Despite its flaws Geek Girl is ok and I would recommend it if you’re looking for something light that doesn’t require much thinking.

Review: Ready Player One

001Title: Ready Player One
Author: Ernest Cline
Genre: Science Fiction
Number of pages: 374

It’s the year 2044, and the real world has become an ugly place. We’re out of oil. We’ve wrecked the climate. Famine, poverty, and disease are widespread.

Like most of humanity, Wade Watts escapes this depressing reality by spending his waking hours jacked into the OASIS, a sprawling virtual utopia where you can be anything you want to be. And like most of humanity, Wade is obsessed by the ultimate lottery ticket that lies concealed within this alternate reality: OASIS founder James Halliday, who died with no heir, has promised that control of the OASIS – and his massive fortune – will go to the person who can solve the riddles he has left scattered throughout his creation.

When Wade stumbles onto the key to the first puzzle. He suddenly finds himself pitted against thousands of competitors in a desperate race to claim the ultimate prize, a chase that soon takes on terrifying real-world dimensions – and that will leave both Wade and his world profoundly changed.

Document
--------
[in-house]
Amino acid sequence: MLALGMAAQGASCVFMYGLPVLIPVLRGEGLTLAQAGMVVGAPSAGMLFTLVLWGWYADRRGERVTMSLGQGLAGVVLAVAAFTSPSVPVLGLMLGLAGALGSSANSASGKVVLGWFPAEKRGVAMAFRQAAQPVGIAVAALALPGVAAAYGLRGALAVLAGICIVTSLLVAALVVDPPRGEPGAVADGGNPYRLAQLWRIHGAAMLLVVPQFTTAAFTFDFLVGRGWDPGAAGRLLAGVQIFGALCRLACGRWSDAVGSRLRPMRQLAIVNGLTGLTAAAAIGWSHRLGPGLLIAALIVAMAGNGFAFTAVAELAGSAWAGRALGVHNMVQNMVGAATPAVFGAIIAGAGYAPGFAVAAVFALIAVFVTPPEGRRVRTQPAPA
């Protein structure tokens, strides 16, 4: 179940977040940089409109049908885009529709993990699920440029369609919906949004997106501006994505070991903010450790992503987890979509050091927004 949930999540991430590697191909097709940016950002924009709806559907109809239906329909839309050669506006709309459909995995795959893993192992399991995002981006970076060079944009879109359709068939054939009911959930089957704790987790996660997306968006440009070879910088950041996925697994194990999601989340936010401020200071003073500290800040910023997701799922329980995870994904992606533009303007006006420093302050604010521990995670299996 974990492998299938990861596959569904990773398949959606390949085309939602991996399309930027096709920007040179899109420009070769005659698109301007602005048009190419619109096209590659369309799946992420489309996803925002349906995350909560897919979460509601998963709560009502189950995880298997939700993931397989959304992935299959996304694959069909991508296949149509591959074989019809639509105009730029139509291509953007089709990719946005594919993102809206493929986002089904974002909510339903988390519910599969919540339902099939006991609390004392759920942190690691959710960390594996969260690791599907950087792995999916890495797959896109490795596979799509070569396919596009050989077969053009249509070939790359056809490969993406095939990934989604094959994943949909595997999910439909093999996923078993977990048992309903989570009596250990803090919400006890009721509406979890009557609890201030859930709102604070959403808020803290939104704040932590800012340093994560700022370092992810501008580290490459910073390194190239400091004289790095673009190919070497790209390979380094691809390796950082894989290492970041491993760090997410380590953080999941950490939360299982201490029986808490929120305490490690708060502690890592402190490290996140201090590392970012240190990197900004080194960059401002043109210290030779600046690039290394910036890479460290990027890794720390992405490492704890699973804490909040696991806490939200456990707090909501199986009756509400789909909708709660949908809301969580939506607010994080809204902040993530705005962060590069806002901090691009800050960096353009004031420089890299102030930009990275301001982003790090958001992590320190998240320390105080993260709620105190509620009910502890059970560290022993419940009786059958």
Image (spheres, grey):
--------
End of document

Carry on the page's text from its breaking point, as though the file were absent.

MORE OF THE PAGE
I knew when I picked up this book that I was going to enjoy it. I had heard good things from the book blogger/tuber community and also from my dad. He was actually the one who found it in our local library and took it out. When he was done reading it he passed it on to me.

I was hooked from the beginning. Ready player one is set in a futuristic world where everyone uses the Oasis, an alternative reality, to escape the depressing real world and straight away you are told about the contest. The creator of the Oasis James Halliday has died and left his entire fortune to whoever can solve the riddles and find the three keys he left in the Oasis. The main character Wade Watts is the first person to find the first key.